To analyze the expression levels of the ccg6 gene, TaWT was cultured for 4 days at 28°C in darkness on liquid VMM supplemented with 2 % glucose, sucrose and mannitol as the carbon source, and under carbon (0.26%) and nitrogen (0.003 mM) starvation, and in PDB as control. Additionally, TaWT was cultured on both liquid PDB and VMM at 28°C in darkness, and mycelium collected 2, 4 and 6 days after inoculation. Mycelia were harvested, frozen and ground with liquid nitrogen and total RNA was isolated using PureZOLTM (BIORAD, Hercules, CA, USA) and processed as described above. However, real Time qPCR was performed in triplicates for each sample using the Q-qPCR instrument (Quantabio, Germany) and the PerfeCTa® SYBR® Green FastMix® (Quantabio, Germany), according to the manufacturer’s instructions. T. atroviride gpd (Id 297741), RpS (Id 297741), and elF-4 (Id 301614) genes were used as qRT-PCR expression controls. Primers used to amplify ccg6, gpd, and elF-4 control genes were: ccg6F5’-CGACACACCTCGCCAATATAC-3’, ccg6R5’-GTAGCGCATCTTCTCGTG-3’; gpdF5’-GCTGCCGATGGTGAGCTCAAGGG-3’ and gpdR5’-GAGGTCGAGGACACGGCGGGA-3’, and elF-4F5’-GTCCAACTACGATGAGACTGTC-3’ and elF-4F 5’-TCGTGGCCCTTGATAACAG-3’, respectively. The data were analyzed with the 2-ΔΔCt method to determine the expression levels of the ccg6 gene.
PTXD enzymatic activity
The enzymatic activity of PTXD was determined using total protein cell extracts. Flasks with 50 mL of Vogel’s Minimal medium (VMM)  supplemented with 36 mM Pi (KH2PO4) for WT strain and 1 mM Phi (KH2PO3) for transgenic strains, were inoculated with 1x107 conidia and cultured at 200 rpm, 28°C for 7 days. Mycelial growth was harvested and resuspended in 5 mL of resuspension buffer [50 mM MOPS (Sigma-Aldrich, Saint Louis, MO 63103, USA) pH 7.5, 25 mM NaCl (Sigma-Aldrich, Saint Louis, MO 63103, USA), 1 mM EDTA (Sigma-Aldrich, Saint Louis, MO 63103, USA), and 50 µL of Protease Inhibitor Cocktail (Sigma-Aldrich, Saint Louis, MO 63103, USA)] and cells were lysed by ultrasonication on ice using an Ultrasonic Processor (Cole-Parmer, Vernon Hills, IL, USA) with 40% amplitude, 2 cycles of 4 minutes with short bursts of 10 seconds followed by intervals of 5 seconds for cooling on ice. Then, samples were centrifuged at 9000 rpm at 4°C for 20 minutes. The resulting supernatant was applied to a 10K MWCO dialysis tubing (SnakeSkin Dialysis Tubing, ThermoFisher Scientific, Rockford, IL, USA) and incubated at 4°C for 24 hours. Samples were quantified using Quick StartTM Bradford Dye Reagent (BIORAD, Hercules, CA, USA) according to manufacturer’s instructions in a 96 well clear microtiter plate (Corning Inc, USA). Extracts were adjusted to the same protein concentration (0.5 mg·mL-1). Determination of PTXD enzymatic activity was performed using a fluorescence-based method for NADH detection. Each reaction was started in individual wells of a 96 well black microtiter plate by adding 100 µL assay mix to give a final concentration of 50 mM MOPS, 0.5 mM Na3PO3 (Sigma-Aldrich, Saint Louis, MO 63103, USA) pH 7.0, 0.75 mM NAD+ (Sigma-Aldrich, Saint Louis, MO 63103, USA), and 25 µg·µL-1 of protein extract per well. The microtiter plate was incubated at 37°C for 1 hour in the darkness. The reaction product was quantified with a fluorescence reader Fluoroskan AscentTM FL (Thermo Fisher Scientific, Vantaa, Finland) at 340 nm excitation and 460 nm emission wavelengths for NADH detection.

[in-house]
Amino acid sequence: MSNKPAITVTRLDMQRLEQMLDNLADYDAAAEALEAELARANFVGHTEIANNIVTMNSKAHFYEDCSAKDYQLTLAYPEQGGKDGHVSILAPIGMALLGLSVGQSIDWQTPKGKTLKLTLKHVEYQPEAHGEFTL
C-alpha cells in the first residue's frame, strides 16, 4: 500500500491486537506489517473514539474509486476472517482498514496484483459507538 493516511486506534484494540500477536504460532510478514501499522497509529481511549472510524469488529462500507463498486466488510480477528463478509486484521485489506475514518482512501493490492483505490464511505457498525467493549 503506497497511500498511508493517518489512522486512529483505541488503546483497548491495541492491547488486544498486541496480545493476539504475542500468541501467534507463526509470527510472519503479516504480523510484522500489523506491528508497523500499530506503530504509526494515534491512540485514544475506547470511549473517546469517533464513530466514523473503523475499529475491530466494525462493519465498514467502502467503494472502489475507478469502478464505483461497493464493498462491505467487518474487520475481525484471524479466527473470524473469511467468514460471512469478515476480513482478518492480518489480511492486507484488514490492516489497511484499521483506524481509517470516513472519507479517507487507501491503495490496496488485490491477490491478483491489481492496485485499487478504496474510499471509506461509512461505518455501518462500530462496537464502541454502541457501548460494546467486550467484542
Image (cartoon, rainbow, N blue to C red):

TaWT and transgenic strains were cultured on PDA plates overlaid with a sterile cellophane sheet, inoculated with 1x105 conidia suspension, and incubated at 28°C for 48 hours. The cellophane sheet together with the fungal colony was removed from cultures; plates were then inoculated with R. solani AG5 mycelial plugs. The plates were incubated at 28°C for 72 hours in total darkness and then photographed to determine fungal colony growth.
Mycoparasitism of TaWT and transgenic strains was evaluated against R. solani AG5. Mycelial plugs from R. solani AG5, taken from the edge of actively growing colonies of fresh fungal cultures and 1x105 conidia suspension from TaWT and transgenic strains were cultured on PDA, placed approximately 5 cm from each other. Plates were incubated at 28°C for 96 hours in total darkness and then photographed to determine fungal colony growth.
Evaluation of the capacity of Trichoderma wild type strains to metabolize phosphite